In the Present Tense

a Critical Look at our Immediate Culture

Ken Weathersby

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Strange Fit at Pierogi

Ken Weathersby: Strange Fit at Pierogi

I don’t know how or why Ken Weathersby got to the point in his life and career where he’s making the work that he makes, and for the record, I don’t particularly care; I’m just really happy to be able to stare at it and be equal parts confused and transfixed. Strange Fit at Pierogi is the second full exhibition of Weathersby’s that I’ve seen, the other having been his 2010 Pierogi exhibition Perfect Mismatch. Seeing these, plus coming across the few other pieces here and there, is how I’ve gotten to experience this work. The particular tropes in place that I find fascinating are the overabundance of structure and support creating a tension between finished surface and a rigid yet organic outgrowth of materiality, all used in a format which reinforces what the other is doing. Then there are interventions, both overt and subtle, through which Weathersby has managed to create an interesting and diverse body of work that tackles notions of the seen and unseen, construction, presentation, recto and verso, along with a slight nod -intentional or otherwise-  to crafts such as model making.

Granted, to suggest something as “organic” for works that are so clearly based in geometry, materiality, and systemization may on the surface appear dubious. The way in which Weathersby’s paintings appear to develop, while paying respect to the structures of Sol LeWitt, the reversed canvasses of Johns, and architectural models among other things, share just as much with crystallization or even balloon-frame construction methods gone awry; which, in their own right, are forms of naturally organized growth. In addition to generating an interesting discussion about the relationship of the structure and surface, Weathersby subverts and mirrors events within his pieces to thoroughly dissect the object of painting. Overmining the recursive lattice used to buttress the “image area” through a selective vocabulary of wood, linen, and acrylic paint, Weathersby takes order and precision to a whole other level. At their most basic, Weathersby’s artwork is predominantly either a black and white gridded pattern, or a series of red/yellow/blue gridded patterns rendered tightly on the surface, which are then meant to be cannibalized, cut into, reversed, amputated or re-attached as he sees fit. Often the re-attachments can employ this wooden grid-structure which then becomes a very prominent fixture in support of its blasphemy. These structures therefore become an autonomous element within the works, revealing themselves as more than just support but as appendage, growth, goiter, bandage, armor, housing, prosthesis, scaffold, or prison.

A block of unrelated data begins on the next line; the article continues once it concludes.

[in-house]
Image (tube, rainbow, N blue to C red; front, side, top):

Through these tools Weathersby goes well beyond simply inverting the role of surface and support, to create more than mere visual tension. I’d go so far as to say some of these pieces are even engaged in a no-holds-barred BDSM relationship where the lattice-work of wooden framing structure employed on the reverse, grows out and around to thoroughly encapsulate the traditional painting surface within its dominant embrace as in 191 (csk). These elements are then frozen in a moment of ecstatic coupling for the creepy voyeur in all of us. But rather than shaming us into turning our gaze elsewhere, we are compelled to keep looking, waiting to see if one or the other element will utter the “safe word”. We are dumbstruck and in awe that these works have managed to allow us in to witness their depravity, while rapt with attention to see which part might finally succumb. All the while questioning the nature of its relationship with itself, and our relationship to it.

We stare, trying to dissect the actions of these materials, trying to discern a function that these forms may be following. Wanting to unravel the idiosyncrasies of Weathersby’s exploration, I’ve tried to take in the whole of the exhibition, which, in addition to the strange outgrowths of structure, we come across extractions, and vignettes. These works reveal much about the history and traditions of painting in a way few artists are able to pull off. These pieces are so intrinsically Weathersby’s, and at the same time explore the legacy of materiality and presentation within the painting idiom. Through peculiar miniature dioramas, to interventions of near surgical precision, and structural inversions, we are confronted with not only the object of painting, but the object of viewing paintings. The action of observation becomes a puzzle we need to piece together, just as the independent components of the works are fitted together. Tightly dovetailed elements and ideas are crafted together with such attention to detail in order to create something akin to the Frankenstein Monster of paintings. A glorious aberration of what we have come to expect from painting. Now electrified and thoroughly educated, the creature wears a sport-coat in an attempt to fit into our socially acceptable notions of what paintings should be. I just pray the simple-minded villagers don’t repeat the same mistake with these paintings as they did with Frankenstein’s Monster, but then again, they’re the ones who are stuck being merely human.

Vincent Como

Ken Weathersby, 191 (csk), Pierogi Gallery

Ken Weathersby: 191 (csk), 2011, acrylic & graphite on linen, wood, nails. 33 x 26 inches.


Written by presenttensecriticism

June 18, 2012 at 3:31 pm

One Response

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  1. Thanks for the introduction to this really interesting work and I enjoyed your commentary. I saw this post featured on “Painters Table”. Pleased to have seen what you are doing, and will certainly be dropping by again.

    Andy Parkinson

    June 28, 2012 at 12:44 pm

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